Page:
Future-Proofing the Physical Workspace: Part Two of Frost & Sullivan’s Healthy Buildings Research

Jun 3, 2021


In its recent webinar “Keeping Occupants Safe: The Framework for Healthy Buildings,” DLL had the opportunity to feature the research and findings from leading consulting firm Frost & Sullivan about the future of healthy buildings and the physical workplace in a post-pandemic society. Part one of this two-part blog series discussed the economic impact and predicted recovery from COVID-19, safe-start plans, and existing and future business models as the pandemic persists.

Part two continues this conversation by examining the new priorities for building operators to consider in the future and examples of successful response strategies so far.

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New Priorities and Considerations 

In the “new normal” future of healthy buildings emerging from the COVID-19 pandemic, several design considerations will take priority. New facility layouts will dictate technology and service prioritization. Health and wellness and safety guidelines will even take precedence over other considerations, such as energy efficiency, so that occupants feel safe returning to the physical workspace. In addition, decentralization and lower density workspaces will characterize spatial planning, making technology requirements more customized. Selective occupancy, adaptable furniture, non-porous, modular, and anti-microbial finishes will be highly preferred as building planners learn from the onset of challenges the pandemic introduced since it began in early 2020.

“New Normal” Technologies

Along with these new priorities, the scope for value creation for building owners and customers shifted dramatically since the pandemic began. Frost & Sullivan predicts the adoption of several technologies and applications to accelerate by 2025. In terms of lighting, advances such as AI-based lighting, voice-enabled lighting control and human-centric lighting are expected to become normal. As for automation and energy optimization, building energy performance optimization (BEPO), cloud-based remote services and predictive maintenance will increase in prevalence among other digital energy trends.

With indoor air quality (IAQ) emerging as a key consideration in heating, venting and air conditioning (HVAC) systems, technologies such as IAQ-based ventilation, ultraviolet germicidal irradiation (UVGI) and high efficiency particulate air (HEPA) filters are likely to become mainstream. For post-COVID applications specifically, occupancy detection (OD)-based social distancing, indoor positioning (IP)-based contact tracing and AI-based facial recognition and mask detection will become much more common. In addition, contact minimizing technologies, such as foot operated elevators, touch-free bathroom fixtures and touch-free toilet seat cover cleaning will become more mainstream. Furthermore, thermal imaging, pathogen scanners and nanotechnology (NT)-based self-cleaning surfaces will be further integrated in efforts to combat the spread of future viruses that arise.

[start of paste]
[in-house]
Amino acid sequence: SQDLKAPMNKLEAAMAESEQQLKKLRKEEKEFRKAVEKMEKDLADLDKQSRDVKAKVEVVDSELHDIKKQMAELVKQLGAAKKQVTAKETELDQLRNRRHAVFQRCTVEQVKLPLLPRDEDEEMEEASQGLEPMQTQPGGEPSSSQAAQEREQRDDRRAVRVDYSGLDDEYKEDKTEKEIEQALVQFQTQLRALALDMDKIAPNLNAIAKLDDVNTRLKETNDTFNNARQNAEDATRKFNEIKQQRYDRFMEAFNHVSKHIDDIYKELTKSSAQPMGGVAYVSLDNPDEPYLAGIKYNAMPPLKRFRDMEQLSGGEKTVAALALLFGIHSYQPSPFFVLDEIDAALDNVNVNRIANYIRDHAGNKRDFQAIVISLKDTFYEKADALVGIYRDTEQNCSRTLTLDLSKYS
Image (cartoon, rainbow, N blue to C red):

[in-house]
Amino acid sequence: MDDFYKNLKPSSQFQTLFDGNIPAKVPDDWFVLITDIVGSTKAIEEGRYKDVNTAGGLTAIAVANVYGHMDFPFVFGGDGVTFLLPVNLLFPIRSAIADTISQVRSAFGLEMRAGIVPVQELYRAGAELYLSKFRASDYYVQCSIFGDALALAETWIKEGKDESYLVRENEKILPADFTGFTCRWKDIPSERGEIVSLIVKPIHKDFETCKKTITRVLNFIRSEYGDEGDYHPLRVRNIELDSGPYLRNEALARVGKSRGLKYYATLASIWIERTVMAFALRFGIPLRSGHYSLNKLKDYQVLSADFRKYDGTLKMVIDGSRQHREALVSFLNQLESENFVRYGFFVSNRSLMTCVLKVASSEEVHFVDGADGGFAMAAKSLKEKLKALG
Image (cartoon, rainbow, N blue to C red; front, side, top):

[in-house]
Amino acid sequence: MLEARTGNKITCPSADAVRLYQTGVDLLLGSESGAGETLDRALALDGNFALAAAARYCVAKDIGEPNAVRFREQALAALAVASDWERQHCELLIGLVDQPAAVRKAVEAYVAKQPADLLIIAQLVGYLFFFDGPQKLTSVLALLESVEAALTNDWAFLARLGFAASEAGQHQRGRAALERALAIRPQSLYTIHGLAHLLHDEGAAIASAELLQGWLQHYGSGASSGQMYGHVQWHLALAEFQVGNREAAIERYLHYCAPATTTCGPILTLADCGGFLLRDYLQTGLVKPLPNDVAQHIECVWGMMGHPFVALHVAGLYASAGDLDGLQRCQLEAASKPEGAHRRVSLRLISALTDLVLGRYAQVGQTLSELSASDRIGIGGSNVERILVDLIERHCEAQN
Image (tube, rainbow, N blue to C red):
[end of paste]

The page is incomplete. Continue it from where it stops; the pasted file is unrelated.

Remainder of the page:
Examples of Best Practices

To future proof facility needs, response strategies will combine best-of-breed new property technology, like health and well-being innovations, design-based approaches, spatial intelligence, remote service-based innovations and washroom technologies. All of these are meant to prioritize the well-being of occupants above all-else.

One example of an emerging use case for workplace optimization leverages AI technology to assess occupancy using internet of things (IoT)-enabled sensors in order to accommodate 30% more people over prescribed social distancing. It also leverages occupancy insights to develop post-lockdown mitigation strategies.

In another example, air quality sensors were installed in office buildings to monitor particulate matter that affect employee productivity. The data informed recommendations for increased airflow in areas where particulate matter spikes were found.

While companies around the world look to the future of their physical workspaces, prioritizing the wellbeing of occupants, first and foremost, will become the norm. Though the COVID-19 pandemic brought an onset of challenges for companies and their workforces alike, it sparked innovative developments that favorably impact building health standards and company response strategies for years to come.

To obtain a detailed copy of Frost & Sullivan’s healthy buildings research, click on the button below.

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